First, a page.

What Shows Up

>    I’ve written about my love of animals before. Those who know me well are aware that it borders on the irrational at times. I don’t know why I have such a sensitivity to their plight, particularly their suffering, but I do know that because of it I have always panicked somewhat in the face of an injured animal and, because of that panic, been of little practical value in bringing relief. So, it was with shock that last week I saw a cat hit by a car and stopped to assist the animal.
    It was Thanksgiving Day and I was off to the store to pick up a forgotten cooking ingredient when I passed a cat laying in the middle of the opposite oncoming lane. It had just been hit by a passing car.
    Without giving it any thought, I made a U-turn, pulled over to the side of the road, put my emergency flashers on, and got out of my car. As I approached the cat I bent down and tried to determine if it had any signs of life, but it didn’t. A passerby slowed and asked if I was all right and I said I was so he continued on. I gently cradled the cat in my arms and looked around.
    There were many houses lining the roadway. I approached the one closest to where I was standing and a teenage girl answered the door. When I asked her if she knew whose cat this might be, she replied “I think it’s mine.” Her look was one of disbelief and confusion, so I asked her if her parents were home and she said her mother was inside. I asked her to please get her mother to come to the door. When the mother arrived at the door she confirmed, also with disbelief and a look of confusion, that it was their cat. With the cat still in my arms, the mother said, “I can’t take it. My husband died two weeks ago. Forty-four years old. He just died and we don’t know why. And now this. How can it be? He isn’t even an outdoor cat. He was just in my bedroom. How can this be?”
    Of course, I instantly understood the looks of disbelief and confusion on their faces as they had each come to answer the door.   Sometimes Life seems to pile on just a bit too much at once.
    Inside I was grieving for this beautiful, young cat…but I was also asking myself what could I possibly say to alleviate the suffering of this family. I began to speak to the mother about my beliefs around death and how we never lose anyone and the ever-present Soul…all the while continuing to cradle this sweet animal in my arms.
    After sharing my beliefs, I asked the mother if she wanted me to help her bury him. She said no, that she just wanted to hold him for awhile then they would bury him. As I passed his body over to her arms, we both wept. Then the mother looked at me with a puzzled look and said, “Who are you? What’s your name?” I told her my name and through her tears she lovingly replied, “Thank you. Thank you so much. You did the right thing.”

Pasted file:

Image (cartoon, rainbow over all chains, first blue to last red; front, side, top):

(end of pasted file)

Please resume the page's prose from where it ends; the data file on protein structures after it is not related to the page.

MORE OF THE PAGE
We embraced each other, the cat in her arms and warm against both our bodies. She continued to weep so I whispered into her ear, “You will be fine. You are strong. You have a daughter who needs you now.”
    I got back in my car and went home.  
    I could not continue on to the store that Thanksgiving Day after what happened. I returned home and sat outside with the trees and the birds in my backyard for awhile and fully allowed myself to feel the sadness and suffering I had just passed through. I thought about whether or not my efforts of consolation were of any value at all, or just my egoic need to see myself as helpful. Then I remembered the mother’s words. “Thank you. Thank you so much. You did the right thing.”
changed in my life that allowed me to stop instead of panicking that day are three important
realizations. First, living in the present is all there is. Secondly,
an understanding of how we are all connected as One. Thirdly, handling
what shows up, without judgment, is what Life is about and what gives it depth of meaning.
    This morning someone said that as a practicing Christian he “rarely gives charity to individuals but instead gives it to organizations because as a Christian he believes in the order and perfection of things and organizations are in a better position to help in a methodical and meaningful way.” I could not disagree more.
    Every day we are each presented with opportunities to be of assistance to another, other life forms, or the planet in general. Those opportunities are ours alone for a purpose. We are each Creator
experiencing Itself repeatedly in ways that are uniquely you and uniquely me. I don’t believe we are to turn over or abdicate our personal responsibilities, or opportunities, as they show up.
  My view on all of this may be right for me but not for you. You may choose to agree with the Christian who expressed the views he did.
    But I can tell you this.
    How I now see Life allowed me to stay present and focused in the face of what would have previously been my panic…and to figurative as well as literally embrace and become One with two people during a time of suffering.
    I have so much to be thankful for this Thanksgiving.

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